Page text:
New Marquette Law School Poll finds shifts in Wisconsin public opinion favorable to President Trump on impeachment and presidential election preferences

MILWAUKEE – Even as hearings that could lead to President Donald Trump’s impeachment heat up, a new Marquette University Law School poll of Wisconsin registered voters finds consistent, if sometimes modest, shifts in public opinion away from support of impeachment and toward supporting Trump in next year’s presidential election 

For example, Trump holds small leads over each of four top Democratic candidates for president in head-to-head matchups in the new survey, while three of the Democrats held small leads over Trump in the previous poll.

While the shifts in opinion on both impeachment and presidential preferences are not large, they are consistent across multiple questions in the poll. That includes increases in support for Trump’s work on foreign policy and the economy.

The poll was conducted Nov. 13-17, 2019. The sample included 801 registered voters in Wisconsin interviewed by cell phone or landline, with a margin of error of +/- 4.1 percentage points.

Opinions on impeachment overall

In the new poll, 40 percent of registered voters think that Trump should be impeached and removed from office, while 53 percent do not think so and 6 percent say that they do not know.

In October, before public hearings began, 44 percent favored impeachment and removal from office, while 51 percent were opposed, and 4 percent said they didn’t know.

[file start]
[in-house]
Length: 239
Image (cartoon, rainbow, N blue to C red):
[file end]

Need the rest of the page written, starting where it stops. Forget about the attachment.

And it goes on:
The November results also find that 52 percent say they believe Trump asked the Ukrainian president to investigate Trump’s political rivals, while 29 percent believe Trump did not do this. Eighteen percent say they don’t know if Trump asked this or not.

Forty-one percent believe Trump withheld military aid to pressure the Ukrainian president to investigate Trump’s political rivals, while 38 percent do not believe Trump did this and 21 percent say they don’t know.

Forty-two percent say that Trump did something seriously wrong in his dealings with Ukraine, 9 percent say he did something wrong but not seriously so, and 38 percent say Trump did nothing wrong. Eleven percent say they don’t know.

Views of impeachment by partisanship and attention to hearings

There are large partisan differences in views of impeachment, with Democrats much more supportive and Republicans much more opposed, and a plurality of independents opposed. Comparing the October and November polls, support for impeachment and removal declined slightly among Democrats, and opposition to removal rose slightly among Republicans. “Don’t know” responses rose among independents and Democrats and barely declined among Republicans.

Table 1: Impeach and remove Trump from office by party identification, November